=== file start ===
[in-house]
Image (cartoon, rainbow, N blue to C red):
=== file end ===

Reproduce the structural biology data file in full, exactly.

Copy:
[in-house]
Image (cartoon, rainbow, N blue to C red):